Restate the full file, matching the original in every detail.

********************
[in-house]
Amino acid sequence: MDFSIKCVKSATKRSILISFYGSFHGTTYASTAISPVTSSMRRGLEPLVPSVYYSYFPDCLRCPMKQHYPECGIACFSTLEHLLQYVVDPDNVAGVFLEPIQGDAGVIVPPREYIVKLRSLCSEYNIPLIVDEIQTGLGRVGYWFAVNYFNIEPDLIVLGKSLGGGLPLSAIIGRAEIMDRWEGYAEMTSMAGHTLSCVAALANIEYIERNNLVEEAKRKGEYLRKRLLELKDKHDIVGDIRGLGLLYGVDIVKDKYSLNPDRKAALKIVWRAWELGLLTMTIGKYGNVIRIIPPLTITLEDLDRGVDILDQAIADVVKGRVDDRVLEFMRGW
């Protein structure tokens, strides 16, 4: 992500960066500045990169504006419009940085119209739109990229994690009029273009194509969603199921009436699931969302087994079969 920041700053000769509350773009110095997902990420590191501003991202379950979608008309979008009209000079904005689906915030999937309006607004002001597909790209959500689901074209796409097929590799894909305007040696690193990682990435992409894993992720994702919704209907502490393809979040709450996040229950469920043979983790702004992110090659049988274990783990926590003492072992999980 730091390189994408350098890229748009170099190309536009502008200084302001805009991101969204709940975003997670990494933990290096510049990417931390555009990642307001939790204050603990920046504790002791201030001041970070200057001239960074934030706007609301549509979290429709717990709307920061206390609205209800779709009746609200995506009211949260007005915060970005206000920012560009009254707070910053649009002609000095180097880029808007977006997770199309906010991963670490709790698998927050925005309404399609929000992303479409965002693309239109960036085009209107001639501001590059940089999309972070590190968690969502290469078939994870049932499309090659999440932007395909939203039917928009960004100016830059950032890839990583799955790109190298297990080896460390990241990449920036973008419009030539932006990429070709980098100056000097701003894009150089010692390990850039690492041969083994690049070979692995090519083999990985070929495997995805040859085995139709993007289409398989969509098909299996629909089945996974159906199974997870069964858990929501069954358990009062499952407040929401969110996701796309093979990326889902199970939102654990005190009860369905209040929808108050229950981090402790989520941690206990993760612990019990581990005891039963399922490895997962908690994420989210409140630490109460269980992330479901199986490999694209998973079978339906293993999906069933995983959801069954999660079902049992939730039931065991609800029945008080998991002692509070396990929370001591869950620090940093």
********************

[in-house]
Amino acid sequence: MDFSIKCVKSATKRSILISFYGSFHGTTYASTAISPVTSSMRRGLEPLVPSVYYSYFPDCLRCPMKQHYPECGIACFSTLEHLLQYVVDPDNVAGVFLEPIQGDAGVIVPPREYIVKLRSLCSEYNIPLIVDEIQTGLGRVGYWFAVNYFNIEPDLIVLGKSLGGGLPLSAIIGRAEIMDRWEGYAEMTSMAGHTLSCVAALANIEYIERNNLVEEAKRKGEYLRKRLLELKDKHDIVGDIRGLGLLYGVDIVKDKYSLNPDRKAALKIVWRAWELGLLTMTIGKYGNVIRIIPPLTITLEDLDRGVDILDQAIADVVKGRVDDRVLEFMRGW
């Protein structure tokens, strides 16, 4: 992500960066500045990169504006419009940085119209739109990229994690009029273009194509969603199921009436699931969302087994079969 920041700053000769509350773009110095997902990420590191501003991202379950979608008309979008009209000079904005689906915030999937309006607004002001597909790209959500689901074209796409097929590799894909305007040696690193990682990435992409894993992720994702919704209907502490393809979040709450996040229950469920043979983790702004992110090659049988274990783990926590003492072992999980 730091390189994408350098890229748009170099190309536009502008200084302001805009991101969204709940975003997670990494933990290096510049990417931390555009990642307001939790204050603990920046504790002791201030001041970070200057001239960074934030706007609301549509979290429709717990709307920061206390609205209800779709009746609200995506009211949260007005915060970005206000920012560009009254707070910053649009002609000095180097880029808007977006997770199309906010991963670490709790698998927050925005309404399609929000992303479409965002693309239109960036085009209107001639501001590059940089999309972070590190968690969502290469078939994870049932499309090659999440932007395909939203039917928009960004100016830059950032890839990583799955790109190298297990080896460390990241990449920036973008419009030539932006990429070709980098100056000097701003894009150089010692390990850039690492041969083994690049070979692995090519083999990985070929495997995805040859085995139709993007289409398989969509098909299996629909089945996974159906199974997870069964858990929501069954358990009062499952407040929401969110996701796309093979990326889902199970939102654990005190009860369905209040929808108050229950981090402790989520941690206990993760612990019990581990005891039963399922490895997962908690994420989210409140630490109460269980992330479901199986490999694209998973079978339906293993999906069933995983959801069954999660079902049992939730039931065991609800029945008080998991002692509070396990929370001591869950620090940093």